Win the Inner Battle with Mawi

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How 400 students raised over 750,000 pennies

by Mawi on December 8, 2010

Anyone who works at a school that is experiencing financial challenges needs to read this post.

Six years ago, a middle school of 400 hundreds students read my memoir and decided that they wanted to raise money for refugees.   The school was located in a lower-middle class suburb and it only had 400 students so I have to be honest, I didn’t think they would raise much, particularly when they told me they were going to do a penny drive.  A penny drive is when you put a number of big clear water-cooler containers around a school, and students and staff deposit spare change – pennies, nickels, dimes and quarters – for a specified amount of time.  In this school’s case, it was a month.

One thing I consistently emphasize in my blog, speeches, and books is that the way to do big things is to do the small things.  The students raised over 750,000 pennies which we deposited at the bank for $7,500.  We used the money to help the very same organizations that resettled me when I was first a refugee in this country.

A good friend of mine is a principal at a top 10 Chicago Public High School where the student’s #1 complaint is that their bathrooms are horrible.  Because of the recession, the school does not have the $25,000 it would take to fix the bathrooms.

If 400 middle school students raised 750,000 pennies, how many pennies could 2500 high school students raise?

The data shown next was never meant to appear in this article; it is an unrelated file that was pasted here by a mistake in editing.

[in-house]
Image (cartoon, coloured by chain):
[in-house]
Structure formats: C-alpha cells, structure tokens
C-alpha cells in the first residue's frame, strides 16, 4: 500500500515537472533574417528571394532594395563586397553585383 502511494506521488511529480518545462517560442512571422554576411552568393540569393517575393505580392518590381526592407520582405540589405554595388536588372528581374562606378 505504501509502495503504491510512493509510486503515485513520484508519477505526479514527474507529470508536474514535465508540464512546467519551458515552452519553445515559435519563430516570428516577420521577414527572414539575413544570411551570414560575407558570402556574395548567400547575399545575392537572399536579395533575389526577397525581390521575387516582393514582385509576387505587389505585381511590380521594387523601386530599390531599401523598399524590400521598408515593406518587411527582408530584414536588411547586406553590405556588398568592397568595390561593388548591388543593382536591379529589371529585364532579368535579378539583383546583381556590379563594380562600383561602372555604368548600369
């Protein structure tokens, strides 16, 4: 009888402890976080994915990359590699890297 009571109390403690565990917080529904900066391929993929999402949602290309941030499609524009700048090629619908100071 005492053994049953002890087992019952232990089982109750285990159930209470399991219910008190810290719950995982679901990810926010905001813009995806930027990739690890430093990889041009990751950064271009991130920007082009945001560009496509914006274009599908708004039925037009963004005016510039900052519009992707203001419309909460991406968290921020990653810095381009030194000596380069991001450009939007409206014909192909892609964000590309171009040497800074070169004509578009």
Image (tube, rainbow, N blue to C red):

I’m always amazed at what students and staff can accomplish when the following conditions exist:

1) Leadership: All it takes is one teacher, or one principal, or several teachers and a principal to provide a spark and keep fanning the flames.  In fact, this is almost always how it happens, a few folks who believe in solving problems and making a difference provide the spark that galvanizes all of us.

2) Small Things: We don’t have to solve every problem in the world right now but we can focus on one problem at a time and take little steps that if taken collectively, even for a month, can turn nothing into 750,000.

3) Why: There has to be a powerful, compelling reason for taking action, such as I want to help refugees, or I want to use the toilet without other people watching me.

How about you? Are you a part of an organization or do you know an organization that could do something big with some leadership, a focus on small things, and a clear, compelling reason?

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